"Obviously all the PP, Personal protective equipment, needed to be issued the first day we arrived. On my first day I remember following my manager around the stores. I got piled with two pairs of wool trousers, a jacket, a helmet, a pair of shoes, glasses and I couldn't see where I was going I had that much protective clothing on me."
"Once you got in you came into normal clothing and then changed into working clothing. Which as Dave said was a sweat towel; you know a working shirt and clogs. Which you had to buy yourself. All the older guys used to have big macs on didn’t they and flat caps. It was like looking at old photographs of the match isn’t it.
There’s a bridle chain what you used to push with your hands and that, and everybody what wore a flat hat they never had gloves they used to just take their hat off and used that to push chain like, you know. I mean bearing in mind there was no free issue clothing then for work and you had to buy your own boots and all your working clothes. You'd beg steal and borrow from everyone you knew. If you've got any old clothes let me have them and I’ll use them for work."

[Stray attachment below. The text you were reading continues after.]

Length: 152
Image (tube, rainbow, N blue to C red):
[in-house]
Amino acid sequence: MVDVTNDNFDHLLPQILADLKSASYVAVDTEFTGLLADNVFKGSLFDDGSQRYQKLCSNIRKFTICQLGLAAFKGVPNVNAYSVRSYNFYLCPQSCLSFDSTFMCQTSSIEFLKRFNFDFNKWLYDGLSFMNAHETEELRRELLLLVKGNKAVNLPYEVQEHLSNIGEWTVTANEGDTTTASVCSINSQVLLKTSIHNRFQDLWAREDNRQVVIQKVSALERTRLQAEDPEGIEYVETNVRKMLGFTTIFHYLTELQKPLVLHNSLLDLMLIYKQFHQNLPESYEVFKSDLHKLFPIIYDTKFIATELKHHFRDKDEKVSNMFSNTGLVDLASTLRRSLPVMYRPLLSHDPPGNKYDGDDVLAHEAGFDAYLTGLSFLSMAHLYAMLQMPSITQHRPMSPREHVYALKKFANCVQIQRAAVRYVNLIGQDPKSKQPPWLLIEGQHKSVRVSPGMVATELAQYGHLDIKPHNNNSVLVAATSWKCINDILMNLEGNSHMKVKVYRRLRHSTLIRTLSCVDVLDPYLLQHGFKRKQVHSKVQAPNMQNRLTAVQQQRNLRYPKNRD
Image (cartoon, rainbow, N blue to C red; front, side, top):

"When I asked what people wear at work, John Smith aged 15 said ‘the boys in the rolling mill often get burnt legs. This wares their trousers but does not hurt them much. They wear aprons for burning steel."
- Which steel worker wears the most protective clothing?
- How has the clothing changed over the different time periods?
- Which pieces of protective equipment do you think are the most important for the steel workers and why?